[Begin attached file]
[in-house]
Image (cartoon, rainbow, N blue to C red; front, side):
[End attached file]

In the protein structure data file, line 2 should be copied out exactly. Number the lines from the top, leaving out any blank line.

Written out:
Image (cartoon, rainbow, N blue to C red; front, side):